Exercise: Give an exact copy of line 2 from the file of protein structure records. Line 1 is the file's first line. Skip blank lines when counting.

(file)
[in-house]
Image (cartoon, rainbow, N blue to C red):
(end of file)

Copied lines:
Image (cartoon, rainbow, N blue to C red):